• Notice that the holder is standing on the side
    of the dog opposite the leg that is being
    catheterized.
  • The dog is restrained close to the body of the
    holder.
  • The muzzle is held away from the face of the
    holder and the person placing the catheter.
  • She is reaching over the dog to hold off the
    vein and can apply downward pressure over the
    dog's back, if needed to keep the dog in sternal
    recumbancy.
  • If the animal is not struggling, it is not
    necessary to apply pressure over the animal's
    back. The dog's leg is being held at the elbow to
    prevent her from pulling back her leg

118
RABBITS
119
  • Rabbits can be picked up by grabbing the scruff
    of the neck with one hand and lifting up while
    placing the other hand under the rump for
    support. To hold, simply use the same technique
    but the hand under the rump is moved to support
    the abdomen

SCRUFF
120
NO
YES
121
  • Rabbits seldom bite but many cause injury with
    their hind legs or may be injured if placed on a
    smooth surface.
  • A rabbits foot pads are covered with fur which
    cause a lack of traction if they are placed on a
    smooth or slick surface and may result in
    dislocation of their hip or spine when they try
    to move or hop.

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123
  • Rats and mice that are uses to being handled, can
    be picked up by grasping the tail close to the
    body with one hand and using the other hand to
    grasp loose skin in the neck and shoulder area

124
  • \

125
Guinea Pigs
  • Guinea pigs are curious, easy to handle animals.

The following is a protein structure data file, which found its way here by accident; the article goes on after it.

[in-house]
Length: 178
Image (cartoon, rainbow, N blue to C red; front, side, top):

• They are NOT aggressive by nature.
  • Do not grasp the guinea pig by
  • the loose skin
  • Calmly grasp it with one hand under the chest and
    use your other hand to support its hindquarters

126
Hamsters
  • Hamsters handled frequently from a young age
    usually remain docile and seldom bite.
  • A hamster can be picked up gently by cupping it
    in one or both hands and holding it against your
    body.
  • Beware that even docile hamsters may bite if
    surprised or abruptly awakened from sleep

127
Aggressive Hamster?
  • Another method of capture involves coaxing the
    animal into a container (such as a can or tube)
    which can then be removed from the cage
  • Wear gloves
  • A biting hamster can be restrained by grasping a
    large amount of skin at the scruff of the neck.

128
Chinchillas
  • Hold it strongly by the base of its tail with one
    hand while supporting the weight of the
    chinchilla with the other hand
  • Try to carry the animal close to your body
  • Never hold the animal too tight. A Chinchilla
    will give a warning scream and/or bite if it is
    held too tightly
  • Important to earn a Chinchillas trust!! (can be
    difficult)

129
Ferrets
  • Ferrets should be handled gently but firmly
  • Pick your ferret up behind his front legs and
    support his bottom in your other hand.
  • You can also Scruff a ferret
  • Scruffing means taking a firm hold on the loose
    skin of the ferret's nape of the neck, and
    gathering it into a bunch so that the facial skin
    is stretched tightly enough to make the eyes
    squinty
  • Ferrets usually become passive and submissive
    when scruffed. Become limp.

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131
Common Toxins
  • p. 117

132
Trees
  • Cherry Tree
  • Respiratory distress
  • Death
  • Oak Tree
  • Weakness
  • Dehydration
  • Death
  • Apple Tree (seeds)
  • Vomiting
  • Salivation
  • Respiratory distress

133
Plants
  • Daffodil
  • Vomiting
  • Trembling
  • Foxglove
  • Irregular heartbeat
  • Mistletoe
  • Irritation of stomach intestines
  • Shock

134
Plants
  • Tomato Plant
  • Vomiting
  • Diarrhea
  • Holly Plant
  • Diarrhea

135
Other Common Toxins
  • Alcohol
  • Depression
  • Coma
  • Death
  • Chocolate
  • Vomiting
  • Diarrhea
  • Seizures
  • Coma

136
Common Toxins
  • Antifreeze
  • Vomiting
  • Siezures
  • Coma
  • Death

137
Common Toxins
  • Over the Counter Anti-inflammatory drugs
  • Vomiting
  • Abdominal pain
  • Renal failure